Name: Christine Coletta
Company Name: Hirschen Singer & Epstein LLP
In the past year, what project, transaction or accomplishment are you most proud of?
I represented the team of partners who are developing The Atrium at Sumner, a 100% affordable housing building for senior citizens in the Bedford-Stuyvesant neighborhood of Brooklyn on land owned by the New York City Housing Authority. It was a complex financing structure that included bond financing from the New York City Housing Development Corp., a New York City Housing Preservation Department Senior Affordable Rental Apartments (SARA) subsidy, a credit enhancement from Wells Fargo and an investment from Wells Fargo in exchange for low income housing tax credits (LIHTC). The Atrium is being designed by Studio Libeskind to Passive House standards and will be another example of how affordable housing can be beautiful, functional, and green.
Tell us a thing or two about you that is NOT on your resume or LinkedIn profile?
When I’m not in the office, I spend most of my time in the beautiful Catskill Mountains. I love exploring the trails, restaurants and villages that make up this part of New York State with my husband and daughter. I’m also an avid fan of sled dog racing, in particular the Iditarod, which I have followed online for years.
How do you contribute to your community or your profession?
I serve on the boards of three organizations that directly and indirectly make New York a more vibrant and healthier city. The first is The Center for Urban Pedagogy (CUP), a nonprofit organization that uses the power of design and art to increase meaningful civic engagement, particularly among underrepresented communities. I also serve on the board of directors for Big Reuse, Inc., a nonprofit organization supporting community-based environmental initiatives through the reuse of materials, work training, and community composting. Big Reuse seeks to combat climate change and create a green economy with living wage jobs through social enterprise. Lastly, I serve on the board of NYHC, a nonprofit affordable housing policy and advocacy organization that supports decent affordable housing for all New Yorkers.
How do you keep your team motivated despite conflicts and obstacles?
Communication is key. This has always been true, but it’s been especially important as we’ve worked remotely. I have regular check-ins with my team and this helps to address issues and concerns before they become conflicts. The most important thing is having the right team to begin with. I’m proud to be part of a collegial, close team of attorneys who all like each other and feel passionately about the importance of this work and our clients. We’re all committed to affordable housing and the critical role that having a safe, clean affordable place to live makes in someone’s life. This core mission really helps us stay motivated and focused on the larger goals.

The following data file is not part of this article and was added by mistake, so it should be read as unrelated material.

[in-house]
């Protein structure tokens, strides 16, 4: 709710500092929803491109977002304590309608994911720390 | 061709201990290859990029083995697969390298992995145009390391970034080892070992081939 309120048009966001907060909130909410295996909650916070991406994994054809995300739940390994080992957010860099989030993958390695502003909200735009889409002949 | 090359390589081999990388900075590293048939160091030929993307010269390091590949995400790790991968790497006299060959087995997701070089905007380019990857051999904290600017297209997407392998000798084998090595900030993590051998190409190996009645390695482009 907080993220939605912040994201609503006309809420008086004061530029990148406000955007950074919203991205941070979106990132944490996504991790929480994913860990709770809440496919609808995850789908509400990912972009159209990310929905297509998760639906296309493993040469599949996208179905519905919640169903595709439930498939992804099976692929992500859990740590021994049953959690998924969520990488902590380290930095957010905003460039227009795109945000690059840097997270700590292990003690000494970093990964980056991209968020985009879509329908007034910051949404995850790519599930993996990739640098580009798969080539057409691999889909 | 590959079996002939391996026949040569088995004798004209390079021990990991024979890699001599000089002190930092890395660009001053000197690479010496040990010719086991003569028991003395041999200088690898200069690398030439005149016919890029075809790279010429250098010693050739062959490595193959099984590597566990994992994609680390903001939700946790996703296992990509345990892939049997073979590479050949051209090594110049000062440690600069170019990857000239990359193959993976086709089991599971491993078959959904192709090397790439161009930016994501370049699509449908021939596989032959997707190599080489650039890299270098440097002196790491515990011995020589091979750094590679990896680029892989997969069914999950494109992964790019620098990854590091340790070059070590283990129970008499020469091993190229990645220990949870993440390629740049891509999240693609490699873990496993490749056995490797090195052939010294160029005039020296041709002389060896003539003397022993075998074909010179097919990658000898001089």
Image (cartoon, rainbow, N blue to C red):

How do you advocate for your fellow women in real estate?
As an attorney for real estate developers, I’m fortunate to have opportunities to literally advocate for women in real estate. I’ve represented Type A Projects, a Women-Owned Business Enterprise (WBE), on several real estate deals and I’m involved in advising other minority- and women-led groups who are entering the field of affordable housing development.
I also take seriously my role in continuing the supportive environment cultivated by amazing, brilliant and dedicated women who have come before me in the field of affordable housing. I’m a member of the Fordham Real Estate Institute mentorship program and I also mentor women who are starting their careers in real estate or considering a career shift.
What books or social media influencers would you recommend to other women?
“Never Split the Difference” is a great book about negotiation by Chris Voss, who’s a former hostage negotiator for the FBI. It’s a completely different approach to negotiation than what is traditionally taught in law school and applicable to so many professional and personal situations.
“The Color of Law” by Richard Rothstein is a really important read for anyone in real estate. It provides historical insight into the role segregation has played in how cities and neighborhoods were developed.
Why should women consider a career in commercial real estate and related services?
Commercial real estate encompasses a lot of things, including affordable housing, that shape how people experience life and build communities and relationships. These are fundamental concepts that have long-reaching effects into every part of society. It’s vital that women have seats at the tables where these decisions are being made, because women will be living in the communities that result from these decisions. The industry is constantly evolving and we’ve seen how tremendous benefits have come from the multitude of ideas, life experiences, and voices that industry professionals, especially women, have to offer.